Are you your parents' ATM?
Sometimes a parent may come to you for money, especially if retirement expenses are unmanageable. If you can afford to make the loan, there are right and wrong ways to help.
Should you float Mom and Dad a loan?
If you can do it without ruining your own finances, sure. But writing a check for Mom's car payment could be like slapping a Band-Aid on a chest wound. You might be treating the symptoms, not the cause — and your treatment could be meaningless.
"If I give you money and you have a spending problem, I didn't help you," says financial guru Dave Ramsey.
A reader named Nicole learned this the hard way. Shortly after her parents moved to their rural dream home, her dad got fired. After more than $8,000 worth of bailouts, Nicole and her husband closed the bank. They invited the parents to move in, but the older couple wouldn't leave their home or get rid of their horse, goats or fowl.
The reader, who asked that her last name not be used, says her folks now take money from her two siblings — neither of whom can truly afford it.
"It's 'Oh, we're your parents; we're in such a bad situation.' But I keep thinking this is going on much too long," Nicole says.
A growing trend
The percentage of bankruptcy filers age 55 or older more than doubled to 15.3 per cent from 1993 and 2003, according to the Office of the Superintendent of Bankruptcy Canada.
Many people who thought they'd saved enough watched their retirement funds shrivel during the economic downturn. Some are going back to work, if they can get hired. Others ask their sons and daughters for loans.
"There's a lot of shame when our children become our parents," says Philip Dembo, a therapist and life coach in St. Louis.
Although you should acknowledge how hard it might have been for your parents to ask, you should never make a loan you cannot afford.
"It doesn't mean you stop caring about people," Dembo says. "But you take care of yourself first."
Saying no to a parent isn't easy. Many children wouldn't dream of it, especially if the shortfall is due to job loss, illness or a shrunken retirement fund.
But what if the wolf at the door is actually a FedEx delivery driver, a cocktail waitress or a casino pit boss with a fistful of markers? If you're enabling a parent's addictions (chemical, shopping, gambling), you're hurting, not helping.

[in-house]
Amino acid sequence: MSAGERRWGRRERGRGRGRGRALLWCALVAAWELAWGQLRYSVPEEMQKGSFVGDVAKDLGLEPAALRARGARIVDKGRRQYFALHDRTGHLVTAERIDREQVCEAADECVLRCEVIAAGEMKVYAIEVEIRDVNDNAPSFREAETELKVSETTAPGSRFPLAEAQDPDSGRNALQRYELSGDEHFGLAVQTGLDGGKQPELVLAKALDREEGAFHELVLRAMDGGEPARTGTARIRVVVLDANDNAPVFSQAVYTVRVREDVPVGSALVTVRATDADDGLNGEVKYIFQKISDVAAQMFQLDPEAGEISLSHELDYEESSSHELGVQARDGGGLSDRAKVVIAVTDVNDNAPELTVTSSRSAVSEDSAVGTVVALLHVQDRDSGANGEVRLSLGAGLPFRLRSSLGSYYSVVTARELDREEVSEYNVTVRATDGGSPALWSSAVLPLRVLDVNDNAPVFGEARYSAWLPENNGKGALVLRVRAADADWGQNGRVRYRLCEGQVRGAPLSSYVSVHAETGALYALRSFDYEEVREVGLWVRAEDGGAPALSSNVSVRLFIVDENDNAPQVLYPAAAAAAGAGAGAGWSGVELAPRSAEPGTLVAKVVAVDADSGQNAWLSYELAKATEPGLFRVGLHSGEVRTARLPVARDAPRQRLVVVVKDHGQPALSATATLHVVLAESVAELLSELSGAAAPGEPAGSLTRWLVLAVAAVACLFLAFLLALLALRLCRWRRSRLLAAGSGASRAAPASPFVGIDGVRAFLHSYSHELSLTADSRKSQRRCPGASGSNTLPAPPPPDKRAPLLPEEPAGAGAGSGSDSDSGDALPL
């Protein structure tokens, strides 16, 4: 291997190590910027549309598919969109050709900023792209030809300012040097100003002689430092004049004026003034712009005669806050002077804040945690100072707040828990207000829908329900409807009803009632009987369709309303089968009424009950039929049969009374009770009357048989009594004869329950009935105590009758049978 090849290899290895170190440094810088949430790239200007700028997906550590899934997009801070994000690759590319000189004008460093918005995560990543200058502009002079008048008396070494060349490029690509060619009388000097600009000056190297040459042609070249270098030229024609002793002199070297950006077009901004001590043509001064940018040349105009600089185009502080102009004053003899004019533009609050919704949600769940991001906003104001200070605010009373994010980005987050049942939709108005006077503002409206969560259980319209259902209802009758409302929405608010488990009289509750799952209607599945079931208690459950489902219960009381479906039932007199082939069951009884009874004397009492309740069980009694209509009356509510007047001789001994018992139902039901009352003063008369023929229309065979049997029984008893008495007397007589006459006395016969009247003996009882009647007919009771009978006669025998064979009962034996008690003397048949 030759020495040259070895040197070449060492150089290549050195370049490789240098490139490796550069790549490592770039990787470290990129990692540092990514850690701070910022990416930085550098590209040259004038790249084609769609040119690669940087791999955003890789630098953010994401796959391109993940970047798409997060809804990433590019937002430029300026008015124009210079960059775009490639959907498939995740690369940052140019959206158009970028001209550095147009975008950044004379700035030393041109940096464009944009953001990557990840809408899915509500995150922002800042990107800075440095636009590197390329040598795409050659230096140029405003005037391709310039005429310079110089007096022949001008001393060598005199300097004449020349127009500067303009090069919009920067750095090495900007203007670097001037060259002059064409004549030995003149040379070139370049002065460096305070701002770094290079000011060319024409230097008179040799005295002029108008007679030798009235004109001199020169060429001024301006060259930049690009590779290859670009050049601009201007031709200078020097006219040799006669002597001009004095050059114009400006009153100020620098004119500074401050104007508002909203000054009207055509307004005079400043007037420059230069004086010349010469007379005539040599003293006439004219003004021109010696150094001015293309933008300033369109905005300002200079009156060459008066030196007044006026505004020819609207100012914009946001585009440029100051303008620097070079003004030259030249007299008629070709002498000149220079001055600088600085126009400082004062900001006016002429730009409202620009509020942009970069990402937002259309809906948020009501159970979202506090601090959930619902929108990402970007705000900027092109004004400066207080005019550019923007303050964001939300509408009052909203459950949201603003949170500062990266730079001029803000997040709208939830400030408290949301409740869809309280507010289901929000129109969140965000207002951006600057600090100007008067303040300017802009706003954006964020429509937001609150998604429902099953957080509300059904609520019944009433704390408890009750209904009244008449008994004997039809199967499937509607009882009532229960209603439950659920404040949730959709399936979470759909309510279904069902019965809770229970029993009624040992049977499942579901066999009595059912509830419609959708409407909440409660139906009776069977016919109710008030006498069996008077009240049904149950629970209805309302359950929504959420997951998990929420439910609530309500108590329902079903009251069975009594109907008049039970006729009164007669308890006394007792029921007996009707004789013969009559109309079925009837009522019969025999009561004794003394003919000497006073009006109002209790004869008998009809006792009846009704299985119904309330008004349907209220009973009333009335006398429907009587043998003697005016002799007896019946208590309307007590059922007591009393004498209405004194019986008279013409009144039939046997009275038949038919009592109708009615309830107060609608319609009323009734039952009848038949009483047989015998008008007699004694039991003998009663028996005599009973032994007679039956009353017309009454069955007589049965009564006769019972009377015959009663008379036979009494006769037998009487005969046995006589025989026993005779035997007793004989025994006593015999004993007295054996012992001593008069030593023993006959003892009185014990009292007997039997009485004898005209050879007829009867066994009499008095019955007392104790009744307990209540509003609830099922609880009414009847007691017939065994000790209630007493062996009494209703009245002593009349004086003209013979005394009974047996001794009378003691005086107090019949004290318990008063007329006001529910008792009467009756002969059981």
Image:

Wealth psychology expert Kathleen Burns Kingsbury suggests offering help instead of a bailout. For example, you could decline to pay a credit card bill but offer to pay for 10 sessions of therapy for a compulsive-shopping problem.
"It may be that you can negotiate something where you're helping, really helping, instead of supporting unhealthy behaviours," Kingsbury says.
'We just want them safe'
Not every parent who overspends is an addict or a moral weakling. New retirees may find their lowered incomes aren't keeping pace with inflation. Maybe they're lonely and want to be where other people are — malls, bingo parlours or other places that end up costing them money.
Or maybe your parents never learned how money works. Ellen, who lives in the U.S. southwest, has watched her in-laws make questionable choices, including cashing in retirement funds and buying furniture and appliances rather than paying off their mobile home.
Her mother-in-law was disabled by heart disease a few years ago. Her father-in-law has been unemployed since 2007 except for sporadic contract work. Recently, they couldn't pay for illness-related items, including medication. Ellen and her husband sent money immediately. They're prepared to send more.
"We would have to find room in the budget," she says. "But it is frustrating when we look at their past of spending and not saving."
Ellen and her husband had been saving for a home of their own. Now the goal is to find a place with room for the in-laws. "We just want them safe," she says.
A more insidious loan
Two end runs around the child-as-ATM are the co-sign and the co-opt. Some parents steal a child's identity outright, but Kim's situation was more insidious.
After growing up in a physically and psychologically abusive home, she was unable to resist what she now calls extortion. She quit college to work for free in the family business. Her parents used Kim's credit cards, including taking cash advances, and coerced her into co-signing a bank loan.
Ultimately, her parents walked away from the obligations. It took Kim five years to pay off the debt — and by then her parents had declared bankruptcy and moved in with her.
Now living in a southern state with her husband and two young children, Kim has no relationship with her parents because "they have no remorse and no sense of personal responsibility."
Another reader, Ally, caved when her biological mother asked that she co-sign her half-sister's student loans. At first, Ally refused. Yet she felt education was important and "didn't want there to be tension in the family," so when her mom asked again, she signed.
Her sister has shown zero initiative about seeking post-graduation employment. Ally, who works in marketing, fears she'll soon be on the hook for $24,000. Recently, she got turned down for a car loan because of the debt that's technically hers.
Ally's mother can't pay. She's broke.
MSN.ca Money's editorial goal is to provide a forum for personal finance and investment ideas. Our articles, columns, message board posts and other features should not be construed as investment advice, nor does their appearance imply an endorsement by Microsoft of any specific security or trading strategy. An investor's best course of action must be based on individual circumstances.
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